When it comes to understanding trends in particular, I mostly focus on talking to other developers, to hear what they are interested in right now, and what challenges they are solving on a day-to-day basis. For that, I use social media like Twitter, attend conferences, try to go to as many meetups here in my local city as I possibly can and, in general, try to stay in touch with the community as much as I can. These connections give me a lot of input in terms of what people are interested in and where the industry as a whole is going.
What is a current industry trend that you think is wrong?
I think big companies monetizing user data is one of the biggest threats that we’re facing in the technology industry right now. Big companies that are harvesting user data without users knowing about it, and then using it to manipulate people or content for profit—or for creepy advertising that’s following users around, tracking every move. I personally think that those kind of practices are morally wrong, and we, as an industry, are obligated to move in a direction that is more transparent, that is more responsible, and that is more user-friendly.
It also seems like the general public is becoming more aware of where their data is, how companies are using it, and how the data is being exploited. Those are definitely steps in the right direction. As individual developers, we have a lot of power and responsibility here, because all of those creepy analytics tools that are analyzing user behavior and tracking people in invasive ways, those are all algorithms implemented by developers—like you and me.
If you, as a developer, get assigned a task that you morally object to—then consider pushing back on it. Initially doing so might not be very productive because management might just find someone else to do it, but if you keep arguing your case about why user privacy matters—then that can have a big impact in the long run.
In terms of other sources, what podcasts or books have had a lasting impact on you or how you work?
Right now, I work a lot with website, article and podcast production. I run my own site, and so I am very inspired by other people who do the same thing. For instance, I like to listen to people like John Gruber, Myke Hurley and Stephen Hackett, and Chris Eidhof—people who have done much of the same thing that I’m doing—building a business around websites and podcasts.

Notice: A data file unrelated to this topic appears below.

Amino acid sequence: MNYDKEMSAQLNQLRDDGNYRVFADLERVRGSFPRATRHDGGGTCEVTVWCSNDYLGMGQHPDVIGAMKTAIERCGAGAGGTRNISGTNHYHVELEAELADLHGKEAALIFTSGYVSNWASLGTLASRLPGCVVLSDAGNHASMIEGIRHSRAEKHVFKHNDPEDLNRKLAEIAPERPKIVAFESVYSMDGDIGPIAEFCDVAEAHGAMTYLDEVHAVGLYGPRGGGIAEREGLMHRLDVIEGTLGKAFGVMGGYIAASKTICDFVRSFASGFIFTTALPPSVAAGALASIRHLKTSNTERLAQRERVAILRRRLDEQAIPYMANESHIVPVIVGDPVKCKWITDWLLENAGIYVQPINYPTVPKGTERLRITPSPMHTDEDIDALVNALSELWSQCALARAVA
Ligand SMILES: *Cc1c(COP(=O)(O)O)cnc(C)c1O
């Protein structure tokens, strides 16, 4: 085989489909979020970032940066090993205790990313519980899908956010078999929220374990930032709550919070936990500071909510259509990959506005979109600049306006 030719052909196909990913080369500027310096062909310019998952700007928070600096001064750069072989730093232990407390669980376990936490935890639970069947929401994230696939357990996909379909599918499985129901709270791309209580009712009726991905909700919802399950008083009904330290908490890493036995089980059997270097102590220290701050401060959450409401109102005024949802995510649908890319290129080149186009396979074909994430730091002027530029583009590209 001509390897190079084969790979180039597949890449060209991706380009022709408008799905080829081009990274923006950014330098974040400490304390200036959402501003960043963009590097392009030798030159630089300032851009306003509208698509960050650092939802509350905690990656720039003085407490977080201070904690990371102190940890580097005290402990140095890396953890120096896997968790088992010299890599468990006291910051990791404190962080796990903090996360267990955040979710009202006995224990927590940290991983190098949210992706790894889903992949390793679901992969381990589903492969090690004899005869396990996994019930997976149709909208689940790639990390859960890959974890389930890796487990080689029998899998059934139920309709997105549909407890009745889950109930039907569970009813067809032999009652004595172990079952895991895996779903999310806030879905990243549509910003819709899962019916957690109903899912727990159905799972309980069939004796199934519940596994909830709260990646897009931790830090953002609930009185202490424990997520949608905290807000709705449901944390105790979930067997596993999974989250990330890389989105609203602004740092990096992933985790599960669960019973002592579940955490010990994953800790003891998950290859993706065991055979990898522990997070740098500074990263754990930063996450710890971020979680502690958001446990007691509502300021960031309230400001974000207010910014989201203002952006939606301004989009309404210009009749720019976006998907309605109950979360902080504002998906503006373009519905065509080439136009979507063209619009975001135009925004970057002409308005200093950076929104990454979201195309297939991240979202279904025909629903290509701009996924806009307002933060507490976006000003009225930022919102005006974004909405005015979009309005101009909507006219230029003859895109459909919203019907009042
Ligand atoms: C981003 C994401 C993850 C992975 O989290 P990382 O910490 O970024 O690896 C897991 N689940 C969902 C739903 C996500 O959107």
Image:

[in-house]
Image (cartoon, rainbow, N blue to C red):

I particularly like John Gruber’s podcast The Talk Show. It’s not only a great show, but I also enjoy it from a sort of meta angle—how he deals with sponsors, how he organizes the show and his website, etc. That’s all very inspiring for me.
What is something you wish someone had told you when you started software development that you learned the hard way?
Not to have too many strong opinions. Keep an open mind. It’s very common for people who are at the beginning of their career to have strong opinions about the techniques or methods that they like—and that they feel compelled to defend those opinions. I’ve completely moved away from that and wish I had learned to do so earlier. Very specific techniques or patterns rarely matter in the long run, and there are so many different ways to solve a given problem, and all of them have pros and cons.
You have to learn to pick your battles. Ask yourself: is this specific pattern, or tool, or code style, really that important? If you think about it, the answer is probably no. You probably want to spend your time having more productive discussions. Also, once you stop having those really strong opinions, you open up your mind to learning more about alternative solutions. Something that at first might not seem like a good solution may turn out really great, and might even become something that you’ll learn a lot from.
What is an effective strategy to overcome this issue?
I think the best way to combat that kind of mindset is to try different things. If you’re feeling that you could become a bit more open-minded, just challenge yourself to try something new. Even if it might not seem like something you’ll like in the beginning, try it. I’d love for the industry in general to encourage that kind of thinking—especially when it comes to scenarios like deciding how to implement a given feature, or choosing which architectural approach that a team should take. Welcome as many different opinions as possible, build prototypes to try different things out, and encourage people to be open minded—don’t just stick to one solution.
The Talk Show podcast | John Gruber
Accidental Tech podcast | Marco Arment, Casey Liss and John Siracusa
Connected podcast | Federico Viticci, Myke Hurley and Stephen Hackett